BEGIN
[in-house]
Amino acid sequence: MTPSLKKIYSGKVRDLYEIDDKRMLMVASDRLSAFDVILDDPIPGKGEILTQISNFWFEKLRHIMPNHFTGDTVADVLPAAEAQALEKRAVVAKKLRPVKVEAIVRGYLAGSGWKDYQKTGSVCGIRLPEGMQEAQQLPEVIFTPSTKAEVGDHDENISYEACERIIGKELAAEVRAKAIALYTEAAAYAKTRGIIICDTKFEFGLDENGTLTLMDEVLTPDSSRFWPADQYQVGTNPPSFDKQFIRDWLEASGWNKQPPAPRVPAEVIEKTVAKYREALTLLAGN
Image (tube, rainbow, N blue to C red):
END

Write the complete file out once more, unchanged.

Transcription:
[in-house]
Amino acid sequence: MTPSLKKIYSGKVRDLYEIDDKRMLMVASDRLSAFDVILDDPIPGKGEILTQISNFWFEKLRHIMPNHFTGDTVADVLPAAEAQALEKRAVVAKKLRPVKVEAIVRGYLAGSGWKDYQKTGSVCGIRLPEGMQEAQQLPEVIFTPSTKAEVGDHDENISYEACERIIGKELAAEVRAKAIALYTEAAAYAKTRGIIICDTKFEFGLDENGTLTLMDEVLTPDSSRFWPADQYQVGTNPPSFDKQFIRDWLEASGWNKQPPAPRVPAEVIEKTVAKYREALTLLAGN
Image (tube, rainbow, N blue to C red):